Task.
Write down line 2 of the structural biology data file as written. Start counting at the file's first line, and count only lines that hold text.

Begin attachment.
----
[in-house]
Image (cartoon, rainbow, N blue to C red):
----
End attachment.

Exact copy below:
Image (cartoon, rainbow, N blue to C red):